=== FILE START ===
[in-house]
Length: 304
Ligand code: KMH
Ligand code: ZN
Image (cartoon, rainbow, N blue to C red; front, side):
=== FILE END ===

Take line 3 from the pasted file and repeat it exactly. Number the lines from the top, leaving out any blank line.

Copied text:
Ligand code: KMH